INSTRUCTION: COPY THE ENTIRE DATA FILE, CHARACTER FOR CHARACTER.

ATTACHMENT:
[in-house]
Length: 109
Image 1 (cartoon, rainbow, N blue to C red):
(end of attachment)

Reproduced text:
[in-house]
Length: 109
Image 1 (cartoon, rainbow, N blue to C red):